History has demonstrated that, quite apart from psychological illness, the lives of those abused can be destabilised by persisting mental anguish, a deep sense of loss, shame and an undercurrent of guilt.
Redress is important. It is important not just for those who have been abused but for society in general. As a sophisticated, educated and caring society not only should we be protecting our children from harm but also ensuring that those who have been harmed are justly and fairly compensated in an attempt to redress the wrongs that have been done to them when there was a duty at law to protect them.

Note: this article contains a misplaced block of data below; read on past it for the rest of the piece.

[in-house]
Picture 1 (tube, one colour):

This can be done by way of exercising a person’s rights through a redress scheme or by taking civil action.
While no amount of money can change the past, or make up for the loss suffered, which simply cannot be measured in dollar value, monetary compensation is an option that may be available. Another important form of redress to those who have been abused is an acknowledgment of the wrong that was done and a genuine and sincere statement of regret.
We have acted in over 450 abuse claims involving religious institutions, educational facilities such as day and boarding schools, children homes, juvenile detention centres and foster care placements.
With our depth of experience and breadth of knowledge, we bring both a sound understanding of the law and a heightened understanding and empathy to claims of this nature.
Contact us for a confidential and obligation free discussion to find out more about us and how we can help.